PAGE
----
Sustainable Design with ArchiCAD





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Henry Deane Plaza by Rice Daubney

The development has revitalised the Railway Square precinct, and become a landmark in the southern gateway to the city of Sydney.

Photographer: Brett Boardman

Henry Deane Plaza was a finalist in the Property Council of Australia (PCA) Rider Hunt Award, 2003; won the Master Builders Australia 2001 National Environment and Energy Efficiency Award for Commercial Buildings; and was runner up in the Sustainable Energy Development Authority (SEDA) Building Greenhouse Rating Scheme Leadership Award.

Dubai Sports City Tower Hotel by Lang Hugger Rampp

The 5-star hotel is part of a new district, known as Dubai Sports City, which is currently being created in the southwest part of the Emirate, in the middle of the desert.

A dominant visual element is the innovative sunscreen structure that the Munich firm developed for this project. The sunscreen had to dramatically minimise the energy consumption required while not blocking light from the hotel rooms or obstructing views.

Despite the high visual transparency, the sunscreen design reduces energy consumption by approximately 60 % compared to a "normal" glass facade. Neither the amount of daylight entering the rooms nor the view from the rooms is in any way impaired.

Yellow Treehouse Restaurant by Pacific Environments

Photographer: Lucy Gauntlett

The Yellow Treehouse restaurant was the brainchild of an Auckland advertising agency for one of their campaigns. But since its construction, the treehouse has taken on a life of its own, capturing imaginations around the world.
The Yellow Treehouse restaurant was built on a north-facing site near Warkworth, New Zealand. But this was no ordinary site – it was 10 meters up a 40-meter redwood tree.

"The project is inextricably linked to its surroundings, so sustainability was at the front of mind. We employed many environmentally friendly practices, including short cuts of glue-laminated pine for the building's geometric exterior fins, which minimized waste, and we even employed an arborist to look after the welfare of the tree," says architect Peter Eising, leader of the designer team at Pacific Environments. The company is a recognized pioneer in the field of sustainable design and has nearly 50 years' experience in residential and commercial architecture.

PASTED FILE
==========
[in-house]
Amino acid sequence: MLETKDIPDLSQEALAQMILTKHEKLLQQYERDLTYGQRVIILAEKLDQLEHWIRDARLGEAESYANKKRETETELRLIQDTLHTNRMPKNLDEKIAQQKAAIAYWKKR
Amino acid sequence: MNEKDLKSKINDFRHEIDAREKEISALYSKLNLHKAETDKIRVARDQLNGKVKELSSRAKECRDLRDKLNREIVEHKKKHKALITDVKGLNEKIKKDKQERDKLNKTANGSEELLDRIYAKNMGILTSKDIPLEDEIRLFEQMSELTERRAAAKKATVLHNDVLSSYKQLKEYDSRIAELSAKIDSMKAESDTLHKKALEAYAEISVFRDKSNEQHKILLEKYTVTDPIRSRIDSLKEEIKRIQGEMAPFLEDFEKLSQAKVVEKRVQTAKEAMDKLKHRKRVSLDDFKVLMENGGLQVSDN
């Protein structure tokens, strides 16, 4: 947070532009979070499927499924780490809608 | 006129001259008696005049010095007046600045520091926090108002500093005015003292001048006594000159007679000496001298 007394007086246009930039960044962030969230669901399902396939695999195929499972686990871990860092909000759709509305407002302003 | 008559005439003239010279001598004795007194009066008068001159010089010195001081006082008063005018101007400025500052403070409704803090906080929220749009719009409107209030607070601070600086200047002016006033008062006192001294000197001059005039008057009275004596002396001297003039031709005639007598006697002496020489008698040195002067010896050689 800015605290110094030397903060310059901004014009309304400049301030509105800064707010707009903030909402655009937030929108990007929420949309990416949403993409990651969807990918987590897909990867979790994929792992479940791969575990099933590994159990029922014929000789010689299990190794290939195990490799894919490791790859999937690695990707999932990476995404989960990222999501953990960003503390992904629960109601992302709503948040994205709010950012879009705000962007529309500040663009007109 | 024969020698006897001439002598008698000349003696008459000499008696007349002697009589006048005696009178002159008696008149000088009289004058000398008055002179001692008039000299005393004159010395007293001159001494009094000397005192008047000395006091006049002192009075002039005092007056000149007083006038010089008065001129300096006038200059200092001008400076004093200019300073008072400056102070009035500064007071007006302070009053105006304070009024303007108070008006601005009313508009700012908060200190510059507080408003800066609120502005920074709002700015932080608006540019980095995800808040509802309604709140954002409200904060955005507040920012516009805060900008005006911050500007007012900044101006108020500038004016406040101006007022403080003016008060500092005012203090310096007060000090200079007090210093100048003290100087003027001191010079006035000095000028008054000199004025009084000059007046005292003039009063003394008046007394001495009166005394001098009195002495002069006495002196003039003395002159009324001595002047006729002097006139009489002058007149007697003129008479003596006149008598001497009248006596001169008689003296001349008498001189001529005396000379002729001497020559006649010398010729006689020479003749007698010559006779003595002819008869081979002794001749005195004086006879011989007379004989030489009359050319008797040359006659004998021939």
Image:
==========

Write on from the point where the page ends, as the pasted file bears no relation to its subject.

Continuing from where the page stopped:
The Rural Regeneration Centre by EUROBUILD UK Ltd.

The Rural Regeneration Centre at Hadlow College in Kent is the UK’s First Certified Passivhaus Educational Building. The Rural Regeneration Centre is a showcase of low carbon and renewable technology. One of the top three agricultural colleges in the UK, Hadlow College’s new Centre will use just 10% of the typical energy consumption of a modern building and is the first such building in the UK to be constructed using prefabricated materials.

The Rural Regeneration Centre is a sympathetic conversion and extension to redundant cow sheds (over 95% of the original shed structure was retained on site) on the College’s fully operational dairy farm. Built using prefabricated structural insulated panels, the centre was planned using Building Information Modelling (BIM) by ArchiCAD and assembled in just three days.

Hadlow College, EUROBUILD UK Ltd

Viikki Chiurch by JKMM Architects

The multi award-winner church design, which forms the core of an area plan that will be implemented gradually, extends into a narrow site amid building fronts, a park and a market place. The lines of the eaves echo the forms of a stand of trees surrounding it. The architectonic choices of the church were guided by prefabrication, as the church was built of factory-made components from start to finish. The church hall was built in a single phase.

Photographer: Arno de la Chapelle